Records of roughly four million Time Warner Cable customers in the US were exposed to the public internet after a contractor failed to properly secure an Amazon cloud database.
Researchers with security company Kromtech said freelancers who handled web applications for TWC and other companies had left one of its AWS S3 storage bins containing seven years’ worth of subscriber data wide open on the ‘net. That data included addresses and contact numbers, information about their home gateways, and account settings.
Just before the weekend, Kromtech said the vulnerable AWS instance was operated by BroadSoft, a cloud service provider that had been using the S3 silos to hold the SQL database information that included customer records.
When Kromtech spotted the repository in late August, it realized that databases had been set to allow public access, rather than limit access to administrators or authorized users.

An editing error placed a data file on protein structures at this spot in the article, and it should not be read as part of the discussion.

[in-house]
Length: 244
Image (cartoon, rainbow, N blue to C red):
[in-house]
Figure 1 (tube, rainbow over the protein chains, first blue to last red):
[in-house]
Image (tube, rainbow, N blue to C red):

“It is most likely that they were forgotten by engineers and never closed the public configuration. This would allow anyone with an internet connection to access extremely sensitive documents,” Kromtech’s Bob Diachenko said.
“Not only could they access the documents, but any ‘authenticated users’ could have downloaded the data from the URL or using other applications. With no security in place, just a simple anonymous login would work.”
The researchers found that the database included information on four million TWC customers collected between November 26, 2010 and July 7, 2017. The exposed data included customer billing addresses, phone numbers, usernames, MAC addresses, modem hardware serial numbers, account numbers, and details about the service settings and options for the accounts.
Source: The Register